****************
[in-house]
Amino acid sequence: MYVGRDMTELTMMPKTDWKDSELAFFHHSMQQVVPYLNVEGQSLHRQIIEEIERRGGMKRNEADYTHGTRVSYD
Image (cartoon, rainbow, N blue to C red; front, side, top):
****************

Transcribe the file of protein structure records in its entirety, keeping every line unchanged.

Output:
[in-house]
Amino acid sequence: MYVGRDMTELTMMPKTDWKDSELAFFHHSMQQVVPYLNVEGQSLHRQIIEEIERRGGMKRNEADYTHGTRVSYD
Image (cartoon, rainbow, N blue to C red; front, side, top):